Better.com says that its customer base is dominated by customers who are tech-savvy and underserved when it comes to homeownership.
The fintech mortgage firm says that the digital disruptors in the mortgage industry are gaining where traditional players are “painfully analog and plagued with inefficiencies.”
The firm has grown 3.5 times year-over-year and now does $700M a month in mortgages and it says that 40% of applications are made on a mobile device.
The online lender says that millennials, minorities, LGBT married couples, single women, and married women that out-earned their husbands in salary, dominate its customer base.
“It was hugely gratifying for me to consider the fact that Better.com doesn’t do any specific targeting to any of the underserved constituencies that made up the largest swath of our customer base in 2019,” said Vishal Garg, CEO and Founder of Better.com. “The huge uptick we saw in these groups proves that our technology has paved the way for these previously-marginalized folks to become homeowners,” he added. “Our findings suggest that the long-standing discrimination faced by many when it comes to getting a home loan can be significantly reduced through the use of technology to help prevent bias.”
The new face of homeownership
Better.com says there is a new face of homeownership as several underserved groups saw massive upticks in 2019.
1. LGBTQ MARRIED COUPLES: Whereas industry-wide, LGBTQ homeownership remains 16% below the national average, over the last year, Better.com has seen a 10x increase in lending to LGBTQ married couples, totaling more than $35M in home loans. Out of that, nearly 50% of the mortgages Better made to LGBTQ married couples went to borrowers in Red and Swing states, with Florida leading the way (12.36% of borrowers), followed by Texas (11.24%). The news follows a study published in 2019 whose findings are startling: LGBTQ couples were 73 percent more likely to be denied a mortgage than heterosexual couples with the same financial worthiness. Additionally, on average, these couples paid .5 percent more in interest and fees, which collectively adds up to as much as $86 million a year nationally. The research, published by the Proceedings of the National Academy of Sciences, found no evidence that same-sex couples had a higher default risk.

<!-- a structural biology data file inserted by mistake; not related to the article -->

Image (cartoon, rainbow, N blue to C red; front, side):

2. WOMEN - BOTH SINGLE AND MARRIED: Over the last year, we saw a few interesting trends when it comes to female borrowers, both married and single who voluntarily disclosed their gender information. Specifically:
Single women between 30-40: Industry wide, the number of single female homebuyers has grown from 15 to 18 percent, or one in five homebuyers. Our findings support this group’s growth - in 2019, we saw a 446% increase in single women between 30-40 who make between $10-20K a month.
5x increase in single women from ages 20-60: In 2019, we also saw a 5x increase in single women of all age groups.
Married women outearning their spouses in salary: In 2019, out of our married couples, we saw the majority of female married co-borrowers outearning their male married co-borrowers, with the females having an average monthly salary of $5,666 vs. $3,035 for men.
1 out of 3 married women who got a loan from us are not putting their spouse on the application.
3. HISPANICS AND AFRICAN-AMERICANS BETWEEN 30-403: A recent analysis from Zillow found that nearly 21% of African-American applicants were denied a conventional loan, as well as 15.5% of Hispanics. And while nationwide the Hispanic homeownership rate is well below the national rate at 47.4% vs. in 2019, we saw a 532% increase in Hispanics between the ages of 30-40 and saw a 411% increase in African-American borrowers between 30-40. In 2019, NerdWallet also rated Better.com one of the top lenders for immigrant borrowers.
4. GEN Z AND MILLENNIAL HOMEBUYERS: Industry-wide, millennial homeownership rates fell 20% over the past decade. In 2019, we saw a 250% increase in millennials getting loans with us and a 675% increase in Gen Z homebuyers (born between 1997-2012.) Additionally, 75% of Better.com’s borrowers were under the age of 45 in 2019, compared to the national rate of 60% for homeowners aged 35-44.
5. BORROWERS WITH STUDENT LOAN DEBT AND HIGH CREDIT SCORES: Industry wide, 20 percent of the decline in homeownership among young adults can be attributed to an increase in student loan debt. However, at Better.com, 1 out of every 4 of our borrowers in 2019 have student loan debt, up from 10% of our borrowers in 2017. In 2019, out of the group with student loan debt, they had an average monthly payment of $369. We also found this group has a surprisingly high average credit score of 754.
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